In Robert Boyers' premier post on the Los Angeles fashion and lifestyle scene, he explores what LA's Fashion Night Out had to offer, and returned to take a closer look at The Same Guy, Marc Jacobs and Fred Segal.
Fashion's Night Out, the Global event organized by Vogue magazine celebrating all things retail, was as popular in Los Angeles as it was in London, New York and Paris. Hundreds of stores - on and off the official schedule - from the exclusive and infamous Rodeo Drive, the achingly cool Melrose and Robertson Boulevards to WeHo (West Hollywood) and Santa Monica participated with a party of drinks and DJ's.
Marc Jacobs and Fred Seagal are two of the most popular stores in the city, not only because they are renowned names in California they also gather the hottest customers around. Neither are frequented by celebrities, for which Hollywood was founded on, but by those who define what California is all about; relaxed, creative, savvy and just pretty damn fine.
The Same Guy on Melrose Avenue is a relatively new store to LA, having come from New York via San Francisco, who's apparel is simple and relaxed. More over it is better priced than American Apparel who are rumored to be in severe in financial trouble. The exposed brick walls combined with the wood panelling gives a very rugged, masculine feel to the store. I consider the basic yet vibrant colors of the apparel a winning characteristic of the area, plus the store sits well on Melrose.
Further down Melrose Avenue is Marc Jacobs, which like many other of his stores are a treasure trove of clothing, accessories, books. I just adore the photo below of the rain boots regimentally lined up like a formal rainbow above the coordinated sweaters beneath them. There is always something that can be lusted over such as the tartan scarf and the very on trend sunglasses, and the cobalt blue or black sneakers.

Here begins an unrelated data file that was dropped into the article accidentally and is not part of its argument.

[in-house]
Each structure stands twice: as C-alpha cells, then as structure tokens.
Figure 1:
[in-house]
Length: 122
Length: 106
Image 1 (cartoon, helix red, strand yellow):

Tartan, a trend that has swept the USA like a bush fire in the Hills, is represented with this jacket that stood out as not only an on-trend item for Autumn/Winter 2010. The wool jacket is also as an essential item for my wardrobe as well as anyone else embracing the trend on any level.
Marc Jacobs has a library of books and magazines, from photography, homoerotica, fashion, interiors and the odd book that has no place in an apparel store. However, I took these shots to show how they fit perfectly between the shoes, accessories and collectively on their own. Jacobs has famously expanded his lines to all sorts of products, such as DVDs, music and utility wear. You can see his influence of this at Louis Vuitton stores as many of them now have a book store too.
How Californian! A surf board that has no place in a store in the middle of the city, but it just feels right placed here.
I found these two pieces, a cotton short sleeved, crew neck t-shirt and a crushed mohair long sleeved sweater, which I would personally wear because of their relaxed yet stylistic aesthetic. It's all about not trying to hard and Marc Jacobs targets this ideology perfectly.
Fred Segal in LA is seen as what bread is to butter. Founded by its name sake, it stocks some of the hottest labels in the USA and is viewed as the Harvey Nichols of the city yet it is more relaxed and playful. Situated on Melrose (with its main store on the corner of 5th and Broadway in Santa Monica), the store was founded in 1960 as the world's only specialist all- jeans store but developed into opening the SM store in the 1980s where it still stands today.
I seriously have an addiction to shoes, and in particular these sneakers from Y3 and Yohji Yamamoto.
With so many amazing sneaker brands stocked in the city, these have a great construction quality, the long toe with high top but mostly because of the embellishment, such as the raised detail above as well as the studded detail below.